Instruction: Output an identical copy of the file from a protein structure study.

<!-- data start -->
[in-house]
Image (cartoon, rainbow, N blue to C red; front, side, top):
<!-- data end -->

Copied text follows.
[in-house]
Image (cartoon, rainbow, N blue to C red; front, side, top):